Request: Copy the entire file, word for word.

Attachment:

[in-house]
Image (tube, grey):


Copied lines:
[in-house]
Image (tube, grey):